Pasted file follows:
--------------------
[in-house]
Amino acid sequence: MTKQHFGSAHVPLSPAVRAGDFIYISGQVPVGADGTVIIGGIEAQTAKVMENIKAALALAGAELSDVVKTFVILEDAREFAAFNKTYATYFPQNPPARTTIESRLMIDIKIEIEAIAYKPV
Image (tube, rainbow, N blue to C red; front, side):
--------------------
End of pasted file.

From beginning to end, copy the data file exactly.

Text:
[in-house]
Amino acid sequence: MTKQHFGSAHVPLSPAVRAGDFIYISGQVPVGADGTVIIGGIEAQTAKVMENIKAALALAGAELSDVVKTFVILEDAREFAAFNKTYATYFPQNPPARTTIESRLMIDIKIEIEAIAYKPV
Image (tube, rainbow, N blue to C red; front, side):